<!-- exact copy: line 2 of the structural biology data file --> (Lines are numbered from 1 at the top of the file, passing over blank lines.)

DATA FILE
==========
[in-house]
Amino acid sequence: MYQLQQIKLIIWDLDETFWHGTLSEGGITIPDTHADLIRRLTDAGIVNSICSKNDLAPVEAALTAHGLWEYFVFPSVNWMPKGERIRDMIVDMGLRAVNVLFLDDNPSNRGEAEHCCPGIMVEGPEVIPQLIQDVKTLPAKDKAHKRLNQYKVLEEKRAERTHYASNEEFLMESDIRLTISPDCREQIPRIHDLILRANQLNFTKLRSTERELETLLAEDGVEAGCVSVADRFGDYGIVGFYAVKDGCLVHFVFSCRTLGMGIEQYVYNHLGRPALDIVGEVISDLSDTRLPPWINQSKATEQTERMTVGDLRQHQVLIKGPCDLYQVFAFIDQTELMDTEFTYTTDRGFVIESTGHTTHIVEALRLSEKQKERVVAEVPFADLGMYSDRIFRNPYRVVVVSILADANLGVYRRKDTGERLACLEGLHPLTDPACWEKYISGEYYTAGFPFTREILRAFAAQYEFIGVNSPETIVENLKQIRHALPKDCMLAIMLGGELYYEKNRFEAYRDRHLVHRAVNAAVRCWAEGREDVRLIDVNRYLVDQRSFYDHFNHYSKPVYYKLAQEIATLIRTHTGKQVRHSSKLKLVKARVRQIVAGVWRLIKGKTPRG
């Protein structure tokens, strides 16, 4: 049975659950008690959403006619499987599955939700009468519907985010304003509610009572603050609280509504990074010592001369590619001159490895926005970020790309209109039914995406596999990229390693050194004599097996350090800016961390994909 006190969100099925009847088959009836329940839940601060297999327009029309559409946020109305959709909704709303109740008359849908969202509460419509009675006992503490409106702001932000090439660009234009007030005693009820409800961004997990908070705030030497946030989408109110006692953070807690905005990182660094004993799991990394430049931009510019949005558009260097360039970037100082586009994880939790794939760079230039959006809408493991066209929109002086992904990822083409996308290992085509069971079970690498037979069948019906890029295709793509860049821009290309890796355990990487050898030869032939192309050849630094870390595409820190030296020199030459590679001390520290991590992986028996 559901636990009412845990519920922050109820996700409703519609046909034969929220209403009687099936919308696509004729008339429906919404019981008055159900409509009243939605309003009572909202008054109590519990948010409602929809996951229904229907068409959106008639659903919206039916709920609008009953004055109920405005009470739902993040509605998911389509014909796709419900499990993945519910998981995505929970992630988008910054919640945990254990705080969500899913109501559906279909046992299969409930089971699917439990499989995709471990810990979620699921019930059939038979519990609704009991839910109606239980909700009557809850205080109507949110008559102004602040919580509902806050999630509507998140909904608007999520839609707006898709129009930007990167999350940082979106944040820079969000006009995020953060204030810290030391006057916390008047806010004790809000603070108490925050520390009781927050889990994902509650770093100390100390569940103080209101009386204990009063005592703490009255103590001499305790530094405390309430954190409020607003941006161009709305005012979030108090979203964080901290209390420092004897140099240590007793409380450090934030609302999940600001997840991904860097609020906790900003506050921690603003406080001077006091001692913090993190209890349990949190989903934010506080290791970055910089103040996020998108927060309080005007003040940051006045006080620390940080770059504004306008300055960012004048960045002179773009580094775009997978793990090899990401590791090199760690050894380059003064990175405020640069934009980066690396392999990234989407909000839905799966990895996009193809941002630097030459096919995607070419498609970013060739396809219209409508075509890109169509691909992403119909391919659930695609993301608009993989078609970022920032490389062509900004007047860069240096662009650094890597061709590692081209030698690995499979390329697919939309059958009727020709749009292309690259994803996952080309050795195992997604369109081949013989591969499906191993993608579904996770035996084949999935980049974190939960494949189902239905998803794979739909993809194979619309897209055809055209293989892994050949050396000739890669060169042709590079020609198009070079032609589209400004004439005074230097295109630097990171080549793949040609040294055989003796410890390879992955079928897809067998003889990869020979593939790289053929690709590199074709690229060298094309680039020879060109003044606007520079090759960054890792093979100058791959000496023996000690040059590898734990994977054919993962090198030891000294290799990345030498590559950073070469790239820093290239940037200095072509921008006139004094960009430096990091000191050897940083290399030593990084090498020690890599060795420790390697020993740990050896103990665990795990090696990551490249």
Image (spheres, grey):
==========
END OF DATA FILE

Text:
Amino acid sequence: MYQLQQIKLIIWDLDETFWHGTLSEGGITIPDTHADLIRRLTDAGIVNSICSKNDLAPVEAALTAHGLWEYFVFPSVNWMPKGERIRDMIVDMGLRAVNVLFLDDNPSNRGEAEHCCPGIMVEGPEVIPQLIQDVKTLPAKDKAHKRLNQYKVLEEKRAERTHYASNEEFLMESDIRLTISPDCREQIPRIHDLILRANQLNFTKLRSTERELETLLAEDGVEAGCVSVADRFGDYGIVGFYAVKDGCLVHFVFSCRTLGMGIEQYVYNHLGRPALDIVGEVISDLSDTRLPPWINQSKATEQTERMTVGDLRQHQVLIKGPCDLYQVFAFIDQTELMDTEFTYTTDRGFVIESTGHTTHIVEALRLSEKQKERVVAEVPFADLGMYSDRIFRNPYRVVVVSILADANLGVYRRKDTGERLACLEGLHPLTDPACWEKYISGEYYTAGFPFTREILRAFAAQYEFIGVNSPETIVENLKQIRHALPKDCMLAIMLGGELYYEKNRFEAYRDRHLVHRAVNAAVRCWAEGREDVRLIDVNRYLVDQRSFYDHFNHYSKPVYYKLAQEIATLIRTHTGKQVRHSSKLKLVKARVRQIVAGVWRLIKGKTPRG